Needless to say, detailed records cannot be used for real-time decision-making. They are only collected every 5 to 15 minutes, which is not compatible with our understanding of what real-time should be in packet networks. For true real-time decision-making, it is necessary to continuously collect, store and analyze network information. To understand what is happening, all the relevant Ethernet frames and IP packets need to be examined in real time.
By capturing and storing network information in this manner, we not only enable the ability to analyze and act on this information in real time but also provide a source of detailed, reliable information on what and when an event happened in the network to complement other big data analytic activities.
Implementing RTBDA in Telecom
The real-time data collection layer can provide a constant stream of actionable information for decision-making. Both the TM Forum (News - Alert) and the IP Network Monitoring for Quality of Service Intelligent Support (IPNQSIS) project, part of the European CELTIC-Plus program, have researched this need as part of their respective work on customer experience management. The conclusion from both projects was that probes and appliances are critical to providing reliable, real-time insight into what is happening in the network.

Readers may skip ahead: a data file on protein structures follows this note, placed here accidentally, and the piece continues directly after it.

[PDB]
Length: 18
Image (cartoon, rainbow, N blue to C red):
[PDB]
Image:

Probes are traditionally data collectors that provide information to other management systems. Appliances, on the other hand, use the same technology but also analyze the information and can store the information locally. Appliances are typically focused on a specific task, such as performance monitoring, test and measurement, or security, and are often seen as fulfilling that very specific role. But, probes and appliances can also be used more strategically as sources of real-time data for big data analytics and as implementations of RTBDA strategies. The following provides a three-step view of how such an infrastructure could be implemented.
The first step involves deployment of appliances for data collection. The key requirement here is that all the Ethernet frames and IP packets need to be captured, in real time, at line speed with zero packet loss, no matter the conditions. This visibility ensures that a reliable stream of information is being collected.
It is also extremely important that each and every frame is given a unique time stamp, so that an accurate timeline can be established not only local to the appliance but also across multiple appliances. The accuracy and precision of these time stamps must be in the range of nanoseconds. For example, with only 67 nanoseconds between Ethernet frames in a 10 Gbps network, the time stamp resolution must be better than 67 nanoseconds. Otherwise two Ethernet frames would receive the same time stamp, making it difficult to distinguish which came first. In a 100 Gbps network, this time span reduces to 6.7 nanoseconds.
The combination of zero packet loss capture with nanosecond precision time stamping ensures that we have a reliable, accurate stream of data analysis information.